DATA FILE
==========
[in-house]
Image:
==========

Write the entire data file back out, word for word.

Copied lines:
[in-house]
Image: